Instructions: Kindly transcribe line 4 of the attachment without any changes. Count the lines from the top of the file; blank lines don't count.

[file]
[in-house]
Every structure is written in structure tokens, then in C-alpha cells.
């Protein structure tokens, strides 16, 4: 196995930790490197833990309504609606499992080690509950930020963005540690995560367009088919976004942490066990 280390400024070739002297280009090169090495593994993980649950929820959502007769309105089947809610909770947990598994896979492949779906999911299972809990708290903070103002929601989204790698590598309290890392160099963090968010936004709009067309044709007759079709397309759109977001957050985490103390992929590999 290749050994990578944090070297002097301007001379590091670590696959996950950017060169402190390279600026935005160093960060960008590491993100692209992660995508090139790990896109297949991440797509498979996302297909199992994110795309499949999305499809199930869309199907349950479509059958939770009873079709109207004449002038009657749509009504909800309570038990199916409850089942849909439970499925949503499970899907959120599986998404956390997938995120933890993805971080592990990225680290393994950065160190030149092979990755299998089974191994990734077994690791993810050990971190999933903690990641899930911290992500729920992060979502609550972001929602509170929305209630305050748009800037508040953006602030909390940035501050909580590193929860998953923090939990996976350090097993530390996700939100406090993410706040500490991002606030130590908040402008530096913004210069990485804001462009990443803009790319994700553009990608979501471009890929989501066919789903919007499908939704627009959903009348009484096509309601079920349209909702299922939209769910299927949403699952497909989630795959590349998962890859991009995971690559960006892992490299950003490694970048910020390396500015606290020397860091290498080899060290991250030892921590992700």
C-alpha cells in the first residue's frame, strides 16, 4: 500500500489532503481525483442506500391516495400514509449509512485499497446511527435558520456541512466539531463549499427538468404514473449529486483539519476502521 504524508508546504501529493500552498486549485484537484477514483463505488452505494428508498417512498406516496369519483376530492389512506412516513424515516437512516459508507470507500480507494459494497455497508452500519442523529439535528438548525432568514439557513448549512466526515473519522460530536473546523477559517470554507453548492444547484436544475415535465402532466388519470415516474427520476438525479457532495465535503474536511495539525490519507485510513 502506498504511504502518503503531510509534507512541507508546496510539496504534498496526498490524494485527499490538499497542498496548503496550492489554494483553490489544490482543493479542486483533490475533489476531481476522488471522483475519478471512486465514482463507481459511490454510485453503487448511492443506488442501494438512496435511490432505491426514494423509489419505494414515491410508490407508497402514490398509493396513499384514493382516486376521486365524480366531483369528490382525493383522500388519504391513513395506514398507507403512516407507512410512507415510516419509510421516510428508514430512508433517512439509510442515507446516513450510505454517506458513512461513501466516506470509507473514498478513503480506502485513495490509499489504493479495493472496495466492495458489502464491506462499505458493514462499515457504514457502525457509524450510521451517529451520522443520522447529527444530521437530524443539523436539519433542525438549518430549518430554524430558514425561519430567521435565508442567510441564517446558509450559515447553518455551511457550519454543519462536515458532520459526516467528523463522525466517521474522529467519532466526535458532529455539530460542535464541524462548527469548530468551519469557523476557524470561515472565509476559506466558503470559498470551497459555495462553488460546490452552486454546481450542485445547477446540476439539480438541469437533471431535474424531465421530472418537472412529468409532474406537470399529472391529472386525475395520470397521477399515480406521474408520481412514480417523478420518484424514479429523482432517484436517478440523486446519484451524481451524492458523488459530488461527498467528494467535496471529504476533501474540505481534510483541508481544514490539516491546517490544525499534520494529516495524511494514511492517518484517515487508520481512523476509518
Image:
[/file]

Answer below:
C-alpha cells in the first residue's frame, strides 16, 4: 500500500489532503481525483442506500391516495400514509449509512485499497446511527435558520456541512466539531463549499427538468404514473449529486483539519476502521 504524508508546504501529493500552498486549485484537484477514483463505488452505494428508498417512498406516496369519483376530492389512506412516513424515516437512516459508507470507500480507494459494497455497508452500519442523529439535528438548525432568514439557513448549512466526515473519522460530536473546523477559517470554507453548492444547484436544475415535465402532466388519470415516474427520476438525479457532495465535503474536511495539525490519507485510513 502506498504511504502518503503531510509534507512541507508546496510539496504534498496526498490524494485527499490538499497542498496548503496550492489554494483553490489544490482543493479542486483533490475533489476531481476522488471522483475519478471512486465514482463507481459511490454510485453503487448511492443506488442501494438512496435511490432505491426514494423509489419505494414515491410508490407508497402514490398509493396513499384514493382516486376521486365524480366531483369528490382525493383522500388519504391513513395506514398507507403512516407507512410512507415510516419509510421516510428508514430512508433517512439509510442515507446516513450510505454517506458513512461513501466516506470509507473514498478513503480506502485513495490509499489504493479495493472496495466492495458489502464491506462499505458493514462499515457504514457502525457509524450510521451517529451520522443520522447529527444530521437530524443539523436539519433542525438549518430549518430554524430558514425561519430567521435565508442567510441564517446558509450559515447553518455551511457550519454543519462536515458532520459526516467528523463522525466517521474522529467519532466526535458532529455539530460542535464541524462548527469548530468551519469557523476557524470561515472565509476559506466558503470559498470551497459555495462553488460546490452552486454546481450542485445547477446540476439539480438541469437533471431535474424531465421530472418537472412529468409532474406537470399529472391529472386525475395520470397521477399515480406521474408520481412514480417523478420518484424514479429523482432517484436517478440523486446519484451524481451524492458523488459530488461527498467528494467535496471529504476533501474540505481534510483541508481544514490539516491546517490544525499534520494529516495524511494514511492517518484517515487508520481512523476509518